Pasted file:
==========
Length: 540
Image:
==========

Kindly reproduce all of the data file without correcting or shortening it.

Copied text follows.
Length: 540
Image: